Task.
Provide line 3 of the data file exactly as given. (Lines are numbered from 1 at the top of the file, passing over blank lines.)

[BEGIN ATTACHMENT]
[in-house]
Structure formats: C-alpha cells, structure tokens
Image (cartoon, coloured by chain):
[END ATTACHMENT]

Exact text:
Image (cartoon, coloured by chain):